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View Full Version : Rudder...how should I be using it?



lucas_valentine
03-11-2004, 01:40 PM
I very rarely seem to use the rudder when flying...In fact I'm not sure what its actually for...Sometimes I use it when aiming at a target and for manuvering on the ground....but apart from that I don't really use it. Maybe this is the reason I'm not all that good a pilot. I wonder if someone out there could tell me how and when I should be using the rudder so that I might be able to improve my technique. Someone once told me that I should be using the rudder on every turn, but this doesn't seem to make all that much difference. Someone please help!!

lucas_valentine
03-11-2004, 01:40 PM
I very rarely seem to use the rudder when flying...In fact I'm not sure what its actually for...Sometimes I use it when aiming at a target and for manuvering on the ground....but apart from that I don't really use it. Maybe this is the reason I'm not all that good a pilot. I wonder if someone out there could tell me how and when I should be using the rudder so that I might be able to improve my technique. Someone once told me that I should be using the rudder on every turn, but this doesn't seem to make all that much difference. Someone please help!!

Bull_Pup
03-11-2004, 01:59 PM
its used to coordinate turns.

it allows you to gain/maintain/loose altitude while banking in a turn. you can notice its affects if you look at the attitude indicator while maintaining a steady banking turn.

it is used on crosswind approach's to stay on your flight path.

it is used to counteract engine torque, particularly during takeoff.

it is used to adjust yaw during gunnery.

more detail on the rudder and other flight controls here,

http://www.simhq.com/_air/air_001a.html

Indianer.
03-11-2004, 02:01 PM
You can barrel role by using the rudder in the opposite direction to the roll helping u slow down when ur being shot at. Use full flaps with this manouver and a less experienced pilot will probably fly past, then retract flaps, full throttle and ur on his 6. Also it helps u dive to one side quickly when uve got an enemy on ur 6 when uesd in conjunction with ur ailerons.

"Wer auf die preussische Fahne schwort, hat nichts mehr, was ihm selber gehort"

Taylortony
03-11-2004, 02:09 PM
The rudder is used to correct YAW this is where it tries to twist on a horizontal plane, you use the rudder to correct the torque effect on take off and power changes also to correct for drift if you have a wind coming at you from say 2 oclock you put in a bit of rudder to fly into it if that makes sence so imagine the plane is flying at 12 oclock heading the wind would be pushing it in a direction of 11 o clock so you use the rudder to steer the plane into the wind at say 12.30 and the drift pushes it to 12.00 pm.... you also use it in a turn to increase the turn rate... this is due to the secondary effect of yaw being roll. usefull guide to what they all do is here http://www.iwm.org.uk/education/edu-dux/pdf-files/scouts/FlyingControls.pdf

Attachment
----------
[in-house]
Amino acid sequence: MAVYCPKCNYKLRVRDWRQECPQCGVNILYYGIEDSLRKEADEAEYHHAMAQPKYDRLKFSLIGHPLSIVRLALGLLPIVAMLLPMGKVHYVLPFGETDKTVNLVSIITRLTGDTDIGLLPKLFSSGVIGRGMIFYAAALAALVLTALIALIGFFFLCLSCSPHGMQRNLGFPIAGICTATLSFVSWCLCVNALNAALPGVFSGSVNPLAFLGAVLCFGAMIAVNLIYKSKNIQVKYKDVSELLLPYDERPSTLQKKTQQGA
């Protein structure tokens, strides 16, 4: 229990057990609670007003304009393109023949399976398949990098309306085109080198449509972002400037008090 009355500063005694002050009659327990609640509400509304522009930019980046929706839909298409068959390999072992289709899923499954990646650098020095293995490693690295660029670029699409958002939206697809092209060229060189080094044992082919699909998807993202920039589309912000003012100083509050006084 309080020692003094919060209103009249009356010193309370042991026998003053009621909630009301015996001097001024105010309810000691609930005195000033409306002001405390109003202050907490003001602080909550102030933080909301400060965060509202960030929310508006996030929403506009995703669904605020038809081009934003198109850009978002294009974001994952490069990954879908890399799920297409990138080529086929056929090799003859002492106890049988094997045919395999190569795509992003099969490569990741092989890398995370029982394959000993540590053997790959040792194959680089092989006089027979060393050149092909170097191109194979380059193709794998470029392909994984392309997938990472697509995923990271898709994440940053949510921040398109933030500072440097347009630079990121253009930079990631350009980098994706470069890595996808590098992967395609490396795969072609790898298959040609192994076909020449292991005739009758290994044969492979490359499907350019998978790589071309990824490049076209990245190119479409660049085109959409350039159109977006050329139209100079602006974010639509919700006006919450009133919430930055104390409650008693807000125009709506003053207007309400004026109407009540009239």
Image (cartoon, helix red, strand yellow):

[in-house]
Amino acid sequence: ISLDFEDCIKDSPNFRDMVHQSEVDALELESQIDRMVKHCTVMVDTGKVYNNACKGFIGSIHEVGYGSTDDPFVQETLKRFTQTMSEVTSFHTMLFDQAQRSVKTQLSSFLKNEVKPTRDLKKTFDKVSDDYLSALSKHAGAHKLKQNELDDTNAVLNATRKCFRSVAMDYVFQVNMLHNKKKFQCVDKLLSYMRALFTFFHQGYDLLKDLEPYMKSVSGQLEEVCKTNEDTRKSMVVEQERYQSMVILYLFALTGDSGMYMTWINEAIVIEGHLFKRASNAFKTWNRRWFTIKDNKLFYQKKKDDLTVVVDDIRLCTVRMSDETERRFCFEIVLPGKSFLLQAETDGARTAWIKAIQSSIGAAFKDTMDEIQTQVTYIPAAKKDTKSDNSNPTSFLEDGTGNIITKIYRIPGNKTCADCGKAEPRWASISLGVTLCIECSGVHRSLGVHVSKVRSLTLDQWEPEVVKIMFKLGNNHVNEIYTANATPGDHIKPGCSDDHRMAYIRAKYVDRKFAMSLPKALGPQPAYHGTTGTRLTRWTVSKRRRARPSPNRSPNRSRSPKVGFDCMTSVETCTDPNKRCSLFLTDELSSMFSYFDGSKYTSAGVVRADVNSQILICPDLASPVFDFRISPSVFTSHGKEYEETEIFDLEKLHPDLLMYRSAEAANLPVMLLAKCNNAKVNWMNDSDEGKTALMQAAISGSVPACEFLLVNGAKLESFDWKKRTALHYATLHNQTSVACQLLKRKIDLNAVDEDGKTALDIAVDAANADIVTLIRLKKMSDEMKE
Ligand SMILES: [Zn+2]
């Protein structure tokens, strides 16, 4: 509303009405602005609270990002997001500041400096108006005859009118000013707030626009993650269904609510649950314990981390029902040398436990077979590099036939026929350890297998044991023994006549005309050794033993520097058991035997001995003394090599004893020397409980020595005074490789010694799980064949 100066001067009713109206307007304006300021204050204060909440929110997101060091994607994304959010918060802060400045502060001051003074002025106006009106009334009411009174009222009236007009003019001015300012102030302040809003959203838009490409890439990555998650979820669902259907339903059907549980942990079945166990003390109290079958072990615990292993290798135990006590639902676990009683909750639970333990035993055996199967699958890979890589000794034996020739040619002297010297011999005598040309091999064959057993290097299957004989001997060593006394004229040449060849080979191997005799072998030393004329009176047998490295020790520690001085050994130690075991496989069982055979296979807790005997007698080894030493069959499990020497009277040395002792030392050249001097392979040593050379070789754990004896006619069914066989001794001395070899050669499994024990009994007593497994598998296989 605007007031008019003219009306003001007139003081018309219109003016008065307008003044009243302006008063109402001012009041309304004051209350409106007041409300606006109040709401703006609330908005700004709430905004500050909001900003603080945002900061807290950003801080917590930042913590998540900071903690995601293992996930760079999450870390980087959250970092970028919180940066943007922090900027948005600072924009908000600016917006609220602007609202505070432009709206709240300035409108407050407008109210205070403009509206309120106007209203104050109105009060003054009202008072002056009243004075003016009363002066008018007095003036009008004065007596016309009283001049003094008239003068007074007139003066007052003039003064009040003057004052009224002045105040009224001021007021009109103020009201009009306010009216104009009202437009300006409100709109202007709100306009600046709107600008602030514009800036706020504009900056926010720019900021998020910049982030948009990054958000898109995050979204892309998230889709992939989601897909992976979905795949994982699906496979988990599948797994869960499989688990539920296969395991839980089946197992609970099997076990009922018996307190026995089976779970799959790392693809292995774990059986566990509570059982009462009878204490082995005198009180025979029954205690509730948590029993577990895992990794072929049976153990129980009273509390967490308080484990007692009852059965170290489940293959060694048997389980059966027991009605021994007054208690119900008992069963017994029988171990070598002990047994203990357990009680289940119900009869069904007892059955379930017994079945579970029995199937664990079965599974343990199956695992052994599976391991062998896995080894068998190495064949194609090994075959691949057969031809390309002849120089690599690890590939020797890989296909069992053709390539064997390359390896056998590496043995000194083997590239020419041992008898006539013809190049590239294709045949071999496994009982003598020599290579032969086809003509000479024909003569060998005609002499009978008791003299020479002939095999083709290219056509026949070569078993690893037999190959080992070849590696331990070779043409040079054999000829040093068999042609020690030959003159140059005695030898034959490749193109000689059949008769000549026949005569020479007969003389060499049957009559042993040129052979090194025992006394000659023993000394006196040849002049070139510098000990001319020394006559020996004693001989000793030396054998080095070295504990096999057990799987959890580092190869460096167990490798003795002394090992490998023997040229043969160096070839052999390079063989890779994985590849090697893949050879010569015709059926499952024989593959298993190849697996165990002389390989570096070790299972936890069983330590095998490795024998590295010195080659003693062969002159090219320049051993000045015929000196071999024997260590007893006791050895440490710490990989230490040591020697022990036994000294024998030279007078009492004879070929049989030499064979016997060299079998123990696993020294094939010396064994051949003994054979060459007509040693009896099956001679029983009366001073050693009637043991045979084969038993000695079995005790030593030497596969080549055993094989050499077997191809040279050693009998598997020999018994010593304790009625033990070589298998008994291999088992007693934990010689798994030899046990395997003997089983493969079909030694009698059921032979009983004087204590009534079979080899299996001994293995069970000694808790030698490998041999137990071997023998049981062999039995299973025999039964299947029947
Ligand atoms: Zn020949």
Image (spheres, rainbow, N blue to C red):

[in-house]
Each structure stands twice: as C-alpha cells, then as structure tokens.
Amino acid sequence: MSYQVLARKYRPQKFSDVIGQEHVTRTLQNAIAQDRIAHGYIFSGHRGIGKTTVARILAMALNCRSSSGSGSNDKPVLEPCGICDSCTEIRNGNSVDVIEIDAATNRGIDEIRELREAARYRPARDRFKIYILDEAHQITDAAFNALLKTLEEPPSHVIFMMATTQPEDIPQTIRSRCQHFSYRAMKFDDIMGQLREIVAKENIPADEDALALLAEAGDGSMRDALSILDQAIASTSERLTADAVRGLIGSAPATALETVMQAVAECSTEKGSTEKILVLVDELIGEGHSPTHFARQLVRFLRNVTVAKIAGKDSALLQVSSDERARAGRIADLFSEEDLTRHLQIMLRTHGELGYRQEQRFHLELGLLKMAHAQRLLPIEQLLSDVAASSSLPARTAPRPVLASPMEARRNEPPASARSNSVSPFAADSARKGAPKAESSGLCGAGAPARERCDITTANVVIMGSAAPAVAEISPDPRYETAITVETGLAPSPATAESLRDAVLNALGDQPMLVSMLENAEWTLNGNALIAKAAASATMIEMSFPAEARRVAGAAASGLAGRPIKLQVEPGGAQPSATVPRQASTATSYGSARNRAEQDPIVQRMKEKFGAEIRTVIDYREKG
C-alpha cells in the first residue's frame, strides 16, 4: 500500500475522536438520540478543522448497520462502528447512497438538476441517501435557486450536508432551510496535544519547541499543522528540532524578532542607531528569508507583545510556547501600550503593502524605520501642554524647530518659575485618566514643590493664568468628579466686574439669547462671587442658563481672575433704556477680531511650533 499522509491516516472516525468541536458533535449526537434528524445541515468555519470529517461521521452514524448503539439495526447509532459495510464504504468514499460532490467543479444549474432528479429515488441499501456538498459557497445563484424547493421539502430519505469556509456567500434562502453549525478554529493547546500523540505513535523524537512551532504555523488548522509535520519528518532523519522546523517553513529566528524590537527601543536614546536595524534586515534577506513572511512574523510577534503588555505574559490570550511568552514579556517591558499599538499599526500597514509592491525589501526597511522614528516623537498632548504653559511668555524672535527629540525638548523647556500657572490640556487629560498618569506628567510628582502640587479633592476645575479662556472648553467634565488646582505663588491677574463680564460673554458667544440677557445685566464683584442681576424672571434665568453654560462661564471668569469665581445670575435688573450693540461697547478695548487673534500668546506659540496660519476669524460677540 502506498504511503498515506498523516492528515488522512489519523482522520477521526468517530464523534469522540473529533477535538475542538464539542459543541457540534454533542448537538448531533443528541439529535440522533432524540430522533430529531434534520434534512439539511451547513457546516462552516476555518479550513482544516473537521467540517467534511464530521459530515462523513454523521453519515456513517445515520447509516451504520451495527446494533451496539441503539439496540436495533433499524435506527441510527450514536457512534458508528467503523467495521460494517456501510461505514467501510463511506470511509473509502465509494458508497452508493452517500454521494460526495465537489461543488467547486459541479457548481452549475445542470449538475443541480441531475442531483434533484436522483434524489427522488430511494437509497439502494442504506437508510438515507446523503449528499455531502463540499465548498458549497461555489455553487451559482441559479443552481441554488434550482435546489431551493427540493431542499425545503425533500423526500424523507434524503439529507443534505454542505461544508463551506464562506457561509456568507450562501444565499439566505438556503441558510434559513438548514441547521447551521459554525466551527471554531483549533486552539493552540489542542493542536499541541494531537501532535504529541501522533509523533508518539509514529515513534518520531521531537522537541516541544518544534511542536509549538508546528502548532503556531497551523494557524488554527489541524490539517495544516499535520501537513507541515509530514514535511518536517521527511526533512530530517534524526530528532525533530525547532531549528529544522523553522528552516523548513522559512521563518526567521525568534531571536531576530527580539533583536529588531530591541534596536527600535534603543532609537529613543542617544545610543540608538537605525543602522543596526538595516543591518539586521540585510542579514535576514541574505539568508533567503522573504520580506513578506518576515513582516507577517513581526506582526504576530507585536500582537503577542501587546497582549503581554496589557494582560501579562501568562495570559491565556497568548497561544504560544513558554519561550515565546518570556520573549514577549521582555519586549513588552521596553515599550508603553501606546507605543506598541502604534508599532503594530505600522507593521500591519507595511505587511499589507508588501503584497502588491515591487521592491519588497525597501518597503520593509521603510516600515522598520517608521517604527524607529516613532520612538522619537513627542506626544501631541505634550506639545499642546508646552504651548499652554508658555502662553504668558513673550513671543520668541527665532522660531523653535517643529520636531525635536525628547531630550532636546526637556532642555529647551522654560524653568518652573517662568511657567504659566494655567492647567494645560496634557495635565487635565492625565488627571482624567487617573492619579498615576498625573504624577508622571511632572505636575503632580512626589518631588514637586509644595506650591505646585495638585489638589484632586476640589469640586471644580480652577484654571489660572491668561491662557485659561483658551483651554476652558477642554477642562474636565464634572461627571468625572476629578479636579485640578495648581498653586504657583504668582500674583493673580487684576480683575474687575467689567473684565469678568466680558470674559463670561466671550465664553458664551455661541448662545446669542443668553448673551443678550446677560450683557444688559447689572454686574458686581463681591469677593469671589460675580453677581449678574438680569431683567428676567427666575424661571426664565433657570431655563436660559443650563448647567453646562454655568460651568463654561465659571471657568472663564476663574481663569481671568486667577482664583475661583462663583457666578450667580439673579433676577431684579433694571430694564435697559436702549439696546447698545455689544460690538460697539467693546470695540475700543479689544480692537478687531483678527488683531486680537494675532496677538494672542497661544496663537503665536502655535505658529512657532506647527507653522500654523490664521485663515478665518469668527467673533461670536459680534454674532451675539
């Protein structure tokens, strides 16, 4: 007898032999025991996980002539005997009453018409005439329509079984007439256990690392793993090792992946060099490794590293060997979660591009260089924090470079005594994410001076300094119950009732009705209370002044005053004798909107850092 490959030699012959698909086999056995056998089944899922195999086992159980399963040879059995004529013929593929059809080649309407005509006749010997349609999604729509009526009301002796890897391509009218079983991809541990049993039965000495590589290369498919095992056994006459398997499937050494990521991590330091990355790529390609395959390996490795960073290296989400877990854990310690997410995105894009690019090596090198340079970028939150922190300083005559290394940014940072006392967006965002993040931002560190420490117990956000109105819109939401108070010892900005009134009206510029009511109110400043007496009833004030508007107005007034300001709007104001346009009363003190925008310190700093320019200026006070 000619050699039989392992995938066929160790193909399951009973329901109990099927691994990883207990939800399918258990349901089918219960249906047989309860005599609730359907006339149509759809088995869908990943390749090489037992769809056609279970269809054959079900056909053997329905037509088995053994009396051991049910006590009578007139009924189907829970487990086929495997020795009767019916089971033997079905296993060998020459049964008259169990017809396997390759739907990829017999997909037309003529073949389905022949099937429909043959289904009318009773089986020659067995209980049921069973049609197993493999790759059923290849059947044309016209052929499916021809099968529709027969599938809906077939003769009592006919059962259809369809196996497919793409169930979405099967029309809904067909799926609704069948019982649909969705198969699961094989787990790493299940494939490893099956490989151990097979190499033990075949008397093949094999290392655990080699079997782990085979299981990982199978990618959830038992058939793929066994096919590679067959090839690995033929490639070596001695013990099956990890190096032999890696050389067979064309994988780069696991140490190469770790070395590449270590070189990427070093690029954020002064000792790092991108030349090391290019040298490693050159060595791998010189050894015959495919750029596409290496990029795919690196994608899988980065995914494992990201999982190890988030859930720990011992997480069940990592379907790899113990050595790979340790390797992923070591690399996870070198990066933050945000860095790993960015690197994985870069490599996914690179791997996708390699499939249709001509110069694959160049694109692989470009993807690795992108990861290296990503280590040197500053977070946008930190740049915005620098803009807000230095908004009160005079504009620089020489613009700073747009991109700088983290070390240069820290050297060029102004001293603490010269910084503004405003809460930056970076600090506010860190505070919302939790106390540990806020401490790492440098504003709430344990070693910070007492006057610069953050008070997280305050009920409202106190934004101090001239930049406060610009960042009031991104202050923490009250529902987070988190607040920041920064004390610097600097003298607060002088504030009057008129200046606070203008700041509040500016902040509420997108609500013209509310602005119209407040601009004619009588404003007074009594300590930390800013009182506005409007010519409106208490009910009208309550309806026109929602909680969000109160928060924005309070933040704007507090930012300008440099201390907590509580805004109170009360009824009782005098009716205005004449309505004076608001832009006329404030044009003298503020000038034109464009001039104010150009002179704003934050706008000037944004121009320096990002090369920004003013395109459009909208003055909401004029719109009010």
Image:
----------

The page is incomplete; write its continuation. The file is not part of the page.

AnalFissure
03-11-2004, 02:13 PM
In FB adverse yaw is something you pretty much never have to worry about. In real life, I know you're supposed to counter this affect by using rudder when turning -- ie. coordinated flight.

Anyway, lucas, to answer your question. Rudder control is not only useful -- probably even essential -- for gunnery and ground handling, it comes in handy for all types of evation. Try to read up on slips and skids and any kind of uncoordinated maneuvers.

Also, another absolutely critical aspect of flying in the sim that you need rudder control for is low speed handling. If you're riding on the edge of a stall you need rudder to keep you balanced.

lucas_valentine
03-11-2004, 02:26 PM
Cheers guys,

Looks like a knew how to use it all along...I was pretty much doing all those things...I thought there might be a secret i was missing!

wickedpenguin
03-11-2004, 02:29 PM
Second the motion on the slow speed flight. If you are flying at low speeds - landing or taking off in particular - the rudder is integral, particularly if you are in a crosswind situation.

It especially comes in handy for power-on stalls - a stall where you are in a nose-high attitude with max power. (For instance, an aborted take-off or an evasive maneuver to get over an obstacle). As the airspeed drops and the ailerons get mushy, the rudder is integral in maintaining directional control and keeping your aircraft from going into a deadly spin.

Having taken my first flying lesson recently, I will tell you that the power-on stall is quite terrifying. You will be quite nearly standing on the rudder pedals as the airpseed drops.

fulanito_chile
03-11-2004, 03:16 PM
ok, i use a small amount of rudder when flying any where near a combat zone.. for this reason if you apply a bit of rudder the plane seems from above below etc..(enamies eye view) to be flying in slightly a diffrent direction to the one in which you are actually flying, i still have'nt seen that it fools A.I yet maybe some one could tell me if this out smarts F/B A.I ??

"The Chilean Airforce" (FACH) The 4th oldest in the World...

CRSutton
03-11-2004, 03:25 PM
One of the most basic evasive maneuvers when an enemy is shooting at you is the skid. Which is simply using rudder to point the plane sideway and literally skid a bit to the left or right to throw off aim.

willyvic
03-11-2004, 03:58 PM
Rudder...how should I be using it?

With your feet of course! http://ubbxforums.ubi.com/infopop/emoticons/icon_biggrin.gif

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